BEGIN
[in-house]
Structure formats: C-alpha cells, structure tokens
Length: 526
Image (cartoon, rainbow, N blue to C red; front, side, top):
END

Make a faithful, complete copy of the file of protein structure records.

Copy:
[in-house]
Structure formats: C-alpha cells, structure tokens
Length: 526
Image (cartoon, rainbow, N blue to C red; front, side, top):